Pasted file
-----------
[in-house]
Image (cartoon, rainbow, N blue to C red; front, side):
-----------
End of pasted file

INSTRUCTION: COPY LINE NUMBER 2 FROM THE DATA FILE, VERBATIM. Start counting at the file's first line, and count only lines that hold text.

Image (cartoon, rainbow, N blue to C red; front, side):